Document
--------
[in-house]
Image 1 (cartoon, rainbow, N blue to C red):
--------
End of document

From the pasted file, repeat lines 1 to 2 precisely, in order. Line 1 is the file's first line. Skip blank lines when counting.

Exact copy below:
[in-house]
Image 1 (cartoon, rainbow, N blue to C red):